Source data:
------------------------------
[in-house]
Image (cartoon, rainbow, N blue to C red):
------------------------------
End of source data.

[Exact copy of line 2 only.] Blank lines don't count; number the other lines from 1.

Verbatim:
Image (cartoon, rainbow, N blue to C red):